100-Foot Replica Mine Helps Make U.P. Jewelry Store One of The ‘Coolest’ in the U.S.

Chris Wattsson

Tourists visiting Marquette make time to visit Wattsson & Wattsson Jewelers, even if they aren’t planning to buy handcrafted rings, to walk through a full-scale replica mine.

By: Shandra Martinez

When Ron Wattsson bought a historic building in downtown Marquette for his jewelry store in 1987, he decided to pay homage to the source materials in his jewelry.

Inspired by Walt Disney’s saying ‘make it fun and they will come,’ Ron Wattsson spent a year – with help from many – building a 100-foot mine alongside the right wall of the store. 

The mine features displays about the area’s mining history, including the nearby Ropes Gold Mine, artifacts from the mine, a case with minerals that glow under special lighting, and fossilized dinosaur eggs. 

The replica mine – made of wood, mesh, and plaster with a rock shop at its end – takes up half of the 3,000-square-foot Wattsson & Wattsson Jewelers.

“My parents just wanted to make something different and more interesting,” said Ron’s son, Chris Wattsson, the store’s current owner. He was born three years after the project was completed.

The mine has not only become a destination for tourists and school children on field trips but has given the store a national reputation. In 2004, InStore Magazine named Wattsson & Wattsson Jewelers “America’s Coolest Jewelry Store.”

Unfortunately, the contest only let stores win the prize once, Wattsson said.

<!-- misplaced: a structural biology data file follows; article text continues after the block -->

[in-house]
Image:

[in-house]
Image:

Interactive experience

While a walk through the mine is free, most visitors pick up a bag of rocks for $8 from the rock shop.

“It definitely is a cool draw, especially for people that aren’t from the area. It’s also got a really cool waterfall right in the front as well.”

There are some big updates planned to make the mine more interactive. The first change recently took place, with the installation of specialty lighting in the Quincy Mine cart area.

“The mine has an original ore cart from the Quincy mine. They actually had to build the mine around the ore cart because of its size,” Wattsson said. “So I had this idea to paint the floor as if it’s got a track so it looks like it was parked in that position. We’ll be completing that this summer. The next update will be adding sounds, so it sounds more like you’re in a mine.”

Wattsson & Wattsson Jewelers has beautiful historical features in addition to the replica mine, from the 14-foot ceilings with original tin and 10 chandeliers in the front to 110-year-old jewelry cases.

“During Christmas time at night, we’ll flip the lights on so the whole building lights up, which is really cool,” Wattsson said. 

Retail veteran at 33

At the age of 33, he’s been in the industry for two-thirds of his life.

“When I was 11. I just was like, ‘Hey, can I go to work?’ That was my last vacation ever. I basically was put to work and I had a job from there on out,” Wattsson said with a laugh. 

He began with soldering and making nugget drop earrings. Soon, he was working on customer pieces.

“I was going out to talk to a customer a lot and would be like, ‘Yeah, I can fix your ring for you,’” he said. They’re just looking at it like, ‘Are you sure? You’re working on a family heirloom.’”